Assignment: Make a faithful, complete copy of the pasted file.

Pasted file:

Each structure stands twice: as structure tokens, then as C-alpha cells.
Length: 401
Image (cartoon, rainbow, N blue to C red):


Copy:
Each structure stands twice: as structure tokens, then as C-alpha cells.
Length: 401
Image (cartoon, rainbow, N blue to C red):